Leaders of the Pack
Designers and other professionals shepherd many dog park issues.
By Gary W. Cramer
Even in the most tranquil of park settings, land wars can
break out between opposing factions with vastly different ideas of how to use
available space. And when the four-legged friends of one of those factions are
at the heart of the dispute, stepping into the middle of it benefits more from
diplomacy than it does from throwing water on the combatants.
Peter Harnik, program director for the Trust for Public
Land’s Center for City Park Excellence in Washington, D.C., characterizes “the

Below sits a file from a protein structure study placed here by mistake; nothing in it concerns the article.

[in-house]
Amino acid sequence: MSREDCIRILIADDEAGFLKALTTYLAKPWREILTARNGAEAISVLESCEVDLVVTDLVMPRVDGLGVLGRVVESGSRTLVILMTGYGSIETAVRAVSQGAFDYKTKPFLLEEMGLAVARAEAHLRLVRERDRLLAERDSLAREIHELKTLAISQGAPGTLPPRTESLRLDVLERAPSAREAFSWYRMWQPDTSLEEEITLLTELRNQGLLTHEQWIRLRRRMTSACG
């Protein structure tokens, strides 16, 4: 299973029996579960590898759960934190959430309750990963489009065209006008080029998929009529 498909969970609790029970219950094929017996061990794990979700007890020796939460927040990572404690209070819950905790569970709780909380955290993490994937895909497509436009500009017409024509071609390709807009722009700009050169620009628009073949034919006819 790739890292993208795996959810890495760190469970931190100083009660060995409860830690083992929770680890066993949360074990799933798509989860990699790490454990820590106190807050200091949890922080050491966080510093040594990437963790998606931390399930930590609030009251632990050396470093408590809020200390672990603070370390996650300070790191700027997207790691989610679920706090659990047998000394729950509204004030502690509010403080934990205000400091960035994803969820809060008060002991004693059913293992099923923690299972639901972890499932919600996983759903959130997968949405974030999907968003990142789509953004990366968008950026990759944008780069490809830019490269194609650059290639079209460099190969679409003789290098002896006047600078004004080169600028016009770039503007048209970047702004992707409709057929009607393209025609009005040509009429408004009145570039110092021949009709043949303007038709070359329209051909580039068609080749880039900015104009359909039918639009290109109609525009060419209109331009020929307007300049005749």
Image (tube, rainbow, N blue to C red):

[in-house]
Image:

skyrocketing support for creating places to let dogs run free” as “the hottest
new city park issue to hit America.” But in some cases, Harnik notes, “the dog
park issue has badly fragmented a 0city, while in others it has been resolved
harmoniously, even adding potency to the park constituency.”
In Berkeley, California, where the Martha Scott Benedict
Memorial Park has a strong claim to being the nation’s first dog park (dating
to 1979), some issues have yet to play out one way or the other. Enough
residents of the Ohlone neighborhood that is home to the park complained about
dog- and people-generated noise that the city established bark-free “quiet hours”
in late 2004. Although the city’s Parks and Recreation Commission does not bill
this uneasy compromise between those on either side of the park fence as a
“zero barking” policy, dogs (and their owners) who can’t keep their yaps shut
could get the heave-ho.
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